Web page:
A handful of groups is threatening legal action against the state of Montana if it does not revise recently passed legislation that makes it easier to hunt gray wolves in the state, saying the new laws would violate the Endangered Species Act by leading to the accidental taking of federally protected species.

The letter of intent to sue — addressed to Gov. Greg Gianforte, Montana Fish and Wildlife Protection Director Hank Worsech, as well as FWP commission members — by the groups echo a familiar argument made during the legislative session that allowing neck snares to be used for trapping wolves and extending the trapping season will lead to more accidental deaths of non-target animals.

“These bills impose a new trapping paradigm in western Montana’s lynx and grizzly bear habitat and are likely to cause incidental trapping and injury or death of these threatened species,” the letter read.

Rep. Paul Fielder, R-Thompson, sponsored House Bills 224 and 225 that allow for neck snares and extend the trapping season by adding two weeks on each end. At the International Grizzly Bear Committee’s summer meeting, Ken McDonald, chief of wildlife staff for Fish Wildlife and Parks, said the department plans to ask the FWP commission to end the trapping season in mid-December to protect bears coming out of hibernation within grizzly bear habitats.

The groups also took issue with Senate Bill 314, which allows more harvesting per individual license, baiting within 30-feet of a trap, and the hunting of wolves on private lands outside of daylight hours with the use of artificial light or scope. The bill also directs the FWP to “establish by rule hunting and trapping seasons for wolves with the intent to reduce the wolf population in this state to a sustainable level, but not less than the number of wolves necessary to support at least 15 breeding pairs.”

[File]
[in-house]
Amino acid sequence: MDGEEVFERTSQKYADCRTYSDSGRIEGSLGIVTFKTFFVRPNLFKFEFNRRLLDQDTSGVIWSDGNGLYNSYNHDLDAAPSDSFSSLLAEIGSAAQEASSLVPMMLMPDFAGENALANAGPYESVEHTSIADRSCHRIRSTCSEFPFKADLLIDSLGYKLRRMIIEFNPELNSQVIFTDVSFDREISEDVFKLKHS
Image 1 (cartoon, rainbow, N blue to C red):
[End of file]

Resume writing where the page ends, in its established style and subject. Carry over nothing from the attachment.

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The letter said the state should “at a minimum” prohibit all trapping and snaring in occupied lynx and grizzly bear habitat to avoid accidental takings.

“Unless the State takes action in the next 60 days to remedy this violation, the undersigned organizations will seek judicial enforcement of the ESA’s take prohibition,” the letter said.

Because of the overlap of habitats between grizzly bears, Canadian lynx and gray wolves, the letter said the two threatened species would increasingly fall victim to snares under the new laws. The letter was sent by Earthjustice and on behalf of the Center for Biological Diversity, Friends of the Clearwater, Humane Society of the United States, International Wildlife Coexistence Network, Sierra Club, Western Watersheds Project, Wilderness Watch, and Wolves of the Rockies.

“The Montana legislature and governor’s policies on wolf management are not about hunting, they are state-sponsored eradication the likes of which we haven’t seen since the 19th century,” said Earth Justice attorney Ben Scrimshaw.

Grizzly bears were added to the endangered species act in 1975 after populations fell to a sliver of what they once were. Since receiving federal protection, bear populations have continued to rise from around 700 in 1975 to nearly 2,000 in 2020. However, a recent review of the animal’s status under the ESA by the U.S. Fish and Wildlife Service maintained its threatened status. Due to the lack of regulatory mechanisms to protect Canadian Lynx, the animal was added to the ESA in 2000. Like the grizzly, the lynx has seen positive impacts on population rates after receiving federal protections.

On June 16, again citing laws passed in Montana, many of the same organizations joined 50 conservation is petitioning the FWS to restore the ESA protections for gray wolves.

“The unsustainable management of gray wolves by the states clearly demonstrates that the states cannot be trusted to protect this iconic species,” said Tara Thornton of the Endangered Species Coalition in a press release announcing the petition. “The U.S. Fish and Wildlife Service must step in to ensure gray wolves aren’t once again exterminated in the Northern Rockies.”

On Thursday, the FWP Commissioners will meet to discuss the recently implemented laws, including the rules and regulations for wolf hunting.